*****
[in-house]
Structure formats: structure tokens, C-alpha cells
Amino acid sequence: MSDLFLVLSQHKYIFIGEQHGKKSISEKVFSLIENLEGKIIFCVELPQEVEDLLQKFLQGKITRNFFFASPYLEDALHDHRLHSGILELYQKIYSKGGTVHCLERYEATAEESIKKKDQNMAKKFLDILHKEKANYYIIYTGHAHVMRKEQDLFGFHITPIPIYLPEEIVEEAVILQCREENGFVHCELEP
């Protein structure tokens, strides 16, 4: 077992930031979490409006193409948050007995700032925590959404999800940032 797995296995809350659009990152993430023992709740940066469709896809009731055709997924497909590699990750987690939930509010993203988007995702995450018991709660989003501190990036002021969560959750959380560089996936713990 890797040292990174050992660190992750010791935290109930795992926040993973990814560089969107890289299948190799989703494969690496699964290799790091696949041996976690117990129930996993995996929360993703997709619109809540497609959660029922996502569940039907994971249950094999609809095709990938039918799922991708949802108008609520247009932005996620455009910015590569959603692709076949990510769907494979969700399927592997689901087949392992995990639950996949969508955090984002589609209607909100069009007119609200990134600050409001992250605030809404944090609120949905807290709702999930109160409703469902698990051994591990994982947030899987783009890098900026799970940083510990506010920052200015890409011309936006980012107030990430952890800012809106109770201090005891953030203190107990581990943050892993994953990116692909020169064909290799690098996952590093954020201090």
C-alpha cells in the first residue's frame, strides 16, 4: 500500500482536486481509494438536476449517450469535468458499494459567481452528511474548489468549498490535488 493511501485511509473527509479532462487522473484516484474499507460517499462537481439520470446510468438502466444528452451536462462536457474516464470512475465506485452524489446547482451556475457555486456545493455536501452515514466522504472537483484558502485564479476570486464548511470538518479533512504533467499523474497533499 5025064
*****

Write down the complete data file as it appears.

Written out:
[in-house]
Structure formats: structure tokens, C-alpha cells
Amino acid sequence: MSDLFLVLSQHKYIFIGEQHGKKSISEKVFSLIENLEGKIIFCVELPQEVEDLLQKFLQGKITRNFFFASPYLEDALHDHRLHSGILELYQKIYSKGGTVHCLERYEATAEESIKKKDQNMAKKFLDILHKEKANYYIIYTGHAHVMRKEQDLFGFHITPIPIYLPEEIVEEAVILQCREENGFVHCELEP
């Protein structure tokens, strides 16, 4: 077992930031979490409006193409948050007995700032925590959404999800940032 797995296995809350659009990152993430023992709740940066469709896809009731055709997924497909590699990750987690939930509010993203988007995702995450018991709660989003501190990036002021969560959750959380560089996936713990 890797040292990174050992660190992750010791935290109930795992926040993973990814560089969107890289299948190799989703494969690496699964290799790091696949041996976690117990129930996993995996929360993703997709619109809540497609959660029922996502569940039907994971249950094999609809095709990938039918799922991708949802108008609520247009932005996620455009910015590569959603692709076949990510769907494979969700399927592997689901087949392992995990639950996949969508955090984002589609209607909100069009007119609200990134600050409001992250605030809404944090609120949905807290709702999930109160409703469902698990051994591990994982947030899987783009890098900026799970940083510990506010920052200015890409011309936006980012107030990430952890800012809106109770201090005891953030203190107990581990943050892993994953990116692909020169064909290799690098996952590093954020201090």
C-alpha cells in the first residue's frame, strides 16, 4: 500500500482536486481509494438536476449517450469535468458499494459567481452528511474548489468549498490535488 493511501485511509473527509479532462487522473484516484474499507460517499462537481439520470446510468438502466444528452451536462462536457474516464470512475465506485452524489446547482451556475457555486456545493455536501452515514466522504472537483484558502485564479476570486464548511470538518479533512504533467499523474497533499 5025064